Here is the crossing before the rebuilding started. Rubber crossing inserts had been used the last time the crossing was worked on.
Here's a closer shot of the rubber crossing inserts. If you look closely at the center portion of the inserts between the rails, you'll see a darker color. That's from the locomotive pilots scrapping the rubber insert. Why? A soft spot had developed in the roadbed underneath the crossing, and when trains went through at track speed, there was enough of a bounce to cause the pilots to hit.
Here's a photo of the pedestrian crossing before replacement. Wooden inserts had been used. We would watch bicyclists ride across the tracks using this crossing, and it was not a smooth ride!
A contractor has already made a cut into the street asphalt. Everything from the cut to the track will be replaced with new asphalt.
MOW crews are starting to build the replacement track panel. New ties and rail are being used.
Here's another view of the track panel. Assembly is mostly complete. If those ties look longer than normal... you're right... they are. You'll see why a little later.
A few days prior to the project starting, a couple of pallets of new tie plates were dropped off at the site.
Some of the longer ties have been removed from the new track panel. Crews must have measured out the actual new crossing inserts, and determined they needed to reduce the number of long ties.
Here's the completed track panel with standard ties added to the ends. Notice the difference in length between the long and standard ties.
Here's a closer view showing the difference in length between the long ties and the standard ties.
The asphalt contractor has removed the old asphalt, and the railroad has removed the old crossing inserts.
The old track has been removed from the crossing, and the excavator is digging out the old roadbed.
We are fast forwarding to new ballast being dumped on the replacement track panel. Due to timing, we missed out on the new track panel being dropped into place.
The flood pass has been completed. According to our son, a flood pass is where the center and track shoulders are dumped at the same time, with the goal of flooding ballast up to the top of the rails.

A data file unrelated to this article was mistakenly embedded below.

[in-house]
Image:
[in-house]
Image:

MOW crews now handle the movement of ballast hoppers at the job site using a hyrail vehicle. This saves the railroad an operations crew (engineer and conductor).
A ballast regulator is starting to even out the ballast, and getting things ready for the tamper to come in and level out the track.
Here's the tamper at work. Up in the control cab, a computer has a preloaded track profile that it's reading off of, and sending signals down to clamps that grab onto the track structure and lift... while vibrating fingers push ballast underneath the ties.
Here's the "business end" of the tamper. This was actually quite interesting to watch. According to our son, the tamper not only levels the track, but also adjusts for proper grade and even curve banking.
After the tamper makes a pass, the ballast regulator comes through and moves ballast around, filling in holes that the tamper created when it pushed ballast underneath the ties.
Here's a closer view of the ballast regulator spreading rock from the center and shoulders.
Meanwhile, the asphalt company is removing asphalt from the siding grade crossing.
All the old asphalt has now been removed. The crossing panels will not be replaced... just the asphalt up to the crossing. According to folks we talked to, the siding and the corresponding grade crossing belong to the grain elevator, but the pavement up to the crossing belongs to the city.